Residents of the camps are not allowed to leave them without hard-to-obtain permits from the Honduran Red Cross and migration authorities. Honduran military security personnel regularly enter the camps and round up persons who lack valid refugee identification cards.
The large majority of refugees live outside the camps in abandoned homes, shacks or anyplace else where they can find shelter. Many slipped across the border illegally and pay modest bribes, reportedly $5 a month per family, to Honduran officials to avoid being deported.
One of the largest concentrations of refugees is in a triangle of Honduran territory -- the eastern part of the border province of El Paraiso -- that juts into Nicaragua. The contras have their main base camps there, and the area has been nicknamed "New Nicaragua."
Peasant refugees said that they left Nicaragua to escape the fighting in the countryside and because they did not like the Sandinista government. They said that they objected to rationing of many foods and household goods, to state controls on marketing of farm products and to pressure from Sandinista activists to join various revolutionary organizations.
Some refugees said that Sandinista Popular Army or security personnel had tortured them or subjected them to other physical abuse because of suspicion that they were rebel informers. Enrique Herrera, 34, showed a three-inch scar on his right arm where he said he had been whipped with a rope while detained at an Army command post in the town of Santa Maria in Nueva Segovia on May 26.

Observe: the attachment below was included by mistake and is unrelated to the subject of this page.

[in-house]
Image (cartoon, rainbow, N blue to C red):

"They let me go on condition that I work with them. I came straight across the border," Herrera said.
The draft dodgers admit readily that they left Nicaragua because they did not want to fight. Most paid between $1,000 and $3,500 to operators of an "underground railroad" that smuggles people across the border.
Several youths said they would join the contras if the United States would resume military aid to the Nicaraguan Democratic Force and thus give it a better chance of winning. Otherwise, the draft dodgers face a highly uncertain future as they wait for money to arrive from their families and for Honduran or Nicaraguan authorities to complete paperwork so they can obtain documents necessary to leave the country.
Asked what he was doing at the refugee camp, one youth responded, "Waiting." Asked what he was waiting for, he grinned and simply pointed toward the sky.